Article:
Florida's Largest School Districts Get New Leaders As COVID-19 Cases Mount
Four new elected officials will help lead Florida's largest school districts amid one of the greatest crises in their history: a global pandemic.
Florida’s largest school districts will welcome four new leaders as they battle rising COVID-19 cases and face mounting pressure from the state to keep campuses open.
In Miami-Dade County, a third of the board will be new starting later this month. Doral vice mayor Christi Fraga, Miami Beach Senior High School teacher Lucia Baez-Geller and entrepreneur Luisa Santos won open seats on the powerful board.
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While Fraga was endorsed by Republican leaders, Baez-Geller and Santos were the county Democratic Party’s picks. The races are nonpartisan.
Meanwhile, in Broward County, the board will soon include two members who lost loved ones in the Parkland shooting.
Debbi Hixon won a countywide seat on the board with more than two thirds of the vote. A veteran public school teacher who lives in Hollywood, Hixon lost her husband, Chris, in the Marjory Stoneman Douglas High School shooting on Feb. 14, 2018.
Meet The Next Miami-Dade County School Board Members
The closest runoff was between Santos and Miami-Dade County Commissioner Dennis Moss. Santos took 52% of the vote, beating Moss for the district that includes Homestead, Pinecrest and Cutler Bay.
Santos is a product of the Miami-Dade school district. An immigrant from Colombia, she found out in high school that she was undocumented.
She later became a citizen and started her own business: Lulu’s Nitrogen Ice Cream in Edgewater.
“We did something that everyone thought was impossible,” Santos said during a virtual watch party Tuesday night. “From day one, they were shocked when we made it to the general. And they’re shocked right now. But that is what we know should be possible for every child in this school system.”
Santos replaces Lawrence Feldman on the board.
Moss, who won 48% of the vote, did not immediately respond to a request for comment.
Fraga — who is term-limited as Doral’s vice mayor and also owns an ice cream shop called Brain Freeze — took about 56% percent of the vote, compared to 44% for her opponent, Mara Zapata. Fraga will represent district 5 on the board, which includes a western portion of the county.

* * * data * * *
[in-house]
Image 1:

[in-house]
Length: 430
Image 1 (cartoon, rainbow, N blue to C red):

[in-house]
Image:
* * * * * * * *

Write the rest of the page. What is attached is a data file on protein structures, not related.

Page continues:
Fraga will replace Susie Castillo, who chose not to run for a third term, in part because she works full time as director of alumni relations for Florida International University. Castillo’s tenure was marked by tragedy, as her daughter Andrea was killed in a car accident just months after she was first elected in 2012. A new elementary school opened this fall in Doral bearing her daughter’s name: Andrea Castillo Preparatory Academy.
Zapata is the former Miami Springs vice mayor and a lifelong educator.
Meanwhile, Baez-Geller won about 61% of the vote in a district that includes a coastal strip of the county, stretching from Aventura down to Miami Beach. She defeated Russ Rywell, also a teacher at Miami Beach Senior High School, who took about 39% of the vote.
Baez-Geller has spent her 15-year career in Miami-Dade County Public Schools, serving as a steward in the local teachers union and advocating for public education support in Tallahassee and Washington, D.C.
She will replace Martin Karp, who is retiring.
Zapata and Rywell did not immediately respond to requests for comment Tuesday night.
Veteran Teacher, Widow Of Parkland Victim Wins Broward Seat
Hixon celebrated her win with family and friends during a virtual watch party Tuesday night. She said she was relieved to have won by a big margin.
“I’m so happy that it wasn’t just a squeaking by,” she said.
Hixon thanked the more than half a million people who voted for her for “support[ing] me, my family and the memory of Chris. This is such an honor.”
She joins another board member who was personally affected by the Parkland tragedy. Lori Alhadeff was elected to the board just months after the shooting, during which her 14-year-old daughter, Alyssa, was also killed.
Hixon vowed to “lift up teachers” and make improving access to mental health care a priority for the board.
Hixon has worked at South Broward High School for 27 years, and she said she would struggle with leaving her position as a magnet coordinator there. She won’t be able to continue working at the school once she takes office.
“It’s my home, and it’s hard,” she said during the watch party, “but I hope that I’m able to do great things on a bigger scale.”
Holness, who is also a veteran educator and took about 33% of the vote, did not immediately respond to a request for comment on the results.